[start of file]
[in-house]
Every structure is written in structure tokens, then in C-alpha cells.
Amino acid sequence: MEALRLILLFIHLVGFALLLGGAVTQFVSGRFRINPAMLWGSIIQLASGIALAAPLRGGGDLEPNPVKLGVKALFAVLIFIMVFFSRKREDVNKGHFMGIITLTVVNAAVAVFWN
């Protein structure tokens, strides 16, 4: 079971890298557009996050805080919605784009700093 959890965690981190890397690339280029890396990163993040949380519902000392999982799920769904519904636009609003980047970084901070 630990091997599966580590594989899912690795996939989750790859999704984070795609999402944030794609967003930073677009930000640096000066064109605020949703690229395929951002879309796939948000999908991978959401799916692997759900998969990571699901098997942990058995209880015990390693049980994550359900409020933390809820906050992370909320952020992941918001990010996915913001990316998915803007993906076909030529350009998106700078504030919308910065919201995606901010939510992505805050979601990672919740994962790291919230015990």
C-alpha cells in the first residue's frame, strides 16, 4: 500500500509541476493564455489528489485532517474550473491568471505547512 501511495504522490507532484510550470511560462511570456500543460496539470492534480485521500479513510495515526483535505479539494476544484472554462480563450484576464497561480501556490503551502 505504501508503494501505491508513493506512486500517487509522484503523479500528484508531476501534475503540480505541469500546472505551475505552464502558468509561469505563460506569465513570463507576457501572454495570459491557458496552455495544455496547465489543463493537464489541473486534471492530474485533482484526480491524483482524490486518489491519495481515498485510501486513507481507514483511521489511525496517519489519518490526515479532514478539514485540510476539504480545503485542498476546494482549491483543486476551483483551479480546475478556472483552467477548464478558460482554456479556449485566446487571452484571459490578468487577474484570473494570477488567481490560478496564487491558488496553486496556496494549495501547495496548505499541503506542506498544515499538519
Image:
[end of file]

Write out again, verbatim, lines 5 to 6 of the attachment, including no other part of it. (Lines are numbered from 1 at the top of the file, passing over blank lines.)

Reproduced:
C-alpha cells in the first residue's frame, strides 16, 4: 500500500509541476493564455489528489485532517474550473491568471505547512 501511495504522490507532484510550470511560462511570456500543460496539470492534480485521500479513510495515526483535505479539494476544484472554462480563450484576464497561480501556490503551502 505504501508503494501505491508513493506512486500517487509522484503523479500528484508531476501534475503540480505541469500546472505551475505552464502558468509561469505563460506569465513570463507576457501572454495570459491557458496552455495544455496547465489543463493537464489541473486534471492530474485533482484526480491524483482524490486518489491519495481515498485510501486513507481507514483511521489511525496517519489519518490526515479532514478539514485540510476539504480545503485542498476546494482549491483543486476551483483551479480546475478556472483552467477548464478558460482554456479556449485566446487571452484571459490578468487577474484570473494570477488567481490560478496564487491558488496553486496556496494549495501547495496548505499541503506542506498544515499538519
Image: